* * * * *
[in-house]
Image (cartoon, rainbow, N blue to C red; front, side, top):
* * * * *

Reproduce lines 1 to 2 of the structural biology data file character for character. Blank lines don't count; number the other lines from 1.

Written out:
[in-house]
Image (cartoon, rainbow, N blue to C red; front, side, top):